Outcomes & Assessment Guide
Six Year Timeline
Analyzing the Data
The power of Outcomes Assessment is in the discussion and revision process that follows the analysis of the data collected. The assessment itself is only valuable if the department/service area/administrative unit discusses the results and use them to celebrate and to build on its strengths and to discuss and to remediate its weaknesses. Consider your Outcomes Assessment Process as a springboard to discussion and a pathway to departmental improvement and growth.
How data are analyzed and results are reported depends on the type of data collected (qualitative vs. quantitative, direct vs. indirect, summative vs. formative) and the audience. Regardless of how you analyze the data, the results should be reported in a clear, easy to understand manner, so that it facilitates optimal evaluation. Patterns, problems, and questions should become apparent while summarizing and evaluating the data. Discussion of the data should be the key requirement in your post-assessment process.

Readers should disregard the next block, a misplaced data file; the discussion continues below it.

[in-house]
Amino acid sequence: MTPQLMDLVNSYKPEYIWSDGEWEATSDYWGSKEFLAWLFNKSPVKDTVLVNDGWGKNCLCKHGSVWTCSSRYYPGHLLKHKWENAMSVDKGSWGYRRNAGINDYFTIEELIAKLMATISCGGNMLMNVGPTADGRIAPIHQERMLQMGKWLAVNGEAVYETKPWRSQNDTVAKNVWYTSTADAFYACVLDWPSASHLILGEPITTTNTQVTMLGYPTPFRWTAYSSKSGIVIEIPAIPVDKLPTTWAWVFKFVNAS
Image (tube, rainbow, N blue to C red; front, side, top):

Organizing Your Results
The simplest method is most likely a narrative that explains your course and program learning outcomes, how and when they were assessed, what the minimum performance criteria were, whether improvements were deemed necessary, what types of improvements were planned, and what resources were necessary to achieve your goals.
A matrix or rubric could also be utilized to record results.
Ultimately, results will need to be entered into Taskstream, the accountability management system of the college including a mid-cycle report at the end of three years, and a summative report at the end of the six-year timeline that explains what happened, why it happened that way, what the faculty learned from it, and what it intends to do to improve student learning